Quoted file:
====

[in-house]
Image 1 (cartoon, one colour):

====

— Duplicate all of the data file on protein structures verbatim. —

[in-house]
Image 1 (cartoon, one colour):